Dear Readers, Followers, Likers, and Happen-Uponers:
Thank you for your support and interest over the past year and a half. I have greatly enjoyed sharing my study abroad and travel triumphs, pitfalls, and all that’s in-between. When I started out my main goal was to encourage those who ever wondered ifthey should go to actually take the leap. I don’t know if I have been successful, but I hope I have aided in one ticket or tank of gas being purchased.
What I didn’t expect was the impact writing this blog would have on me. As a proponent and believer in the benefits of journaling, self-reflection, and post-experience processing, writing this blog has allowed me to further reflect on my experiences but from a distance only gained through the passage of time. As a result, this fresh look at my travels has yielded new lessons for me.
The reason I write this letter is because I feel it is time for something new. In the future you will see some changes to this blog (what they all are I am not quite sure yet). For the time being I plan to keep the current content easily accessible and will continue with the Postcards. Some items will be condensed as I make room for expansion. But fear not! Travel will remain at the heart of the blog.
I hope you stick around to see what’s in store. I am open to input as these changes begin to roll out. You can contact me via the blog or at firstname.lastname@example.org.
In the fantastic film about studying abroad, L’Auberge Espagnole, Xavier, our main character, makes the following observation upon arrival in Barcelona, Spain (it’s in French, but these are the subtitles with some bits edited out):
“When you first arrive in a city nothing makes sense. Everything’s unknown, virgin. After you’ve lived here, walked these streets you’ll know them inside out, you’ll know these people. Once you’ve lived here…crossed this street 10, 20, 1000 times…It’ll belong to you because you’ve lived there. That was about to happen to me but I didn’t know it yet.”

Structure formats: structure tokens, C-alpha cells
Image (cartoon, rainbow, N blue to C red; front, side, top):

This narration in the film really stuck with me not only because it’s true, very true, but because that’s what I wanted most out of my study abroad experiences – to have those streets, parks, shops, and sidewalks, including their inhabitants, to belong to me and I, in turn, to belong to them. But you can’t get there without experiencing the unknown first.
That first bike ride through alleyways to taste the not so yummy kroket in Utrecht, Netherlands is a perfect example for a time when I truly felt nothing around me made sense and what was around the next curve was completely unknown. (That I was focused on not getting killed by my fellow cyclists, I’m sure, had nothing to do with it.) It is only in hindsight that I can recollect that there was a prior way of seeing things. At the time I didn’t know things would look different, would change. As a result, I may have ridden in the same alleyways a number of times and not have known it. If I did, they never looked the same as that first time.
Before understanding all this, the fact that I couldn’t retrace that first bike ride drove me insane. I am someone who is good – no great – with directions, maps, moss growing on the north side of the tree, we parked the car over there stuff.
But that first time had no previous sensory attachments, no known destination until it was chosen for me, no frame of reference. There was one time near the end of my four months that I thought I recognized an alleyway. But I couldn’t be sure. I wouldn’t be seeing it with the same virgin eyes.
It wasn’t about the geographic components. It was about me. How me living there had changed the way I saw the roads and spaces around me. New memories colored spaces. The roads, canals, shops, and alleyways became mine.
That street is where I was asked what time it was by a Dutchmen and I both understood and answered correctly (grammatically) though I gave the wrong hour. That square is where I saw Prince Willem-Alexander and his future Princess Máxima on their parade route through the city. And along that canal is where I said goodbye to a very dear friend.
These memories and stories are what make the streets yours and you theirs. In time I was able to achieve my goal of belonging. And when I have the chance to return to Utrecht, a lot will have changed over the years but those memories will still be there and that street, square, and canal will still be mine.
Post Script: The capturing of the study abroad experience shown in L’Auberge Espagnole make it a must see for anyone who is planning on or just thinking about making that leap.
What one wants to get out of their time abroad, on a road trip, any travel really, is very personal. No two people experience the same thing when in the same circumstances. What one person sees as a good experience another can see as a bad one. Check out this blog post from Northwestern University’s study abroad blog as one girl reflects on a trip to Barcelona. She’s entertaining and insightful as she describes how she felt at the time and how she views the experience now a few years later.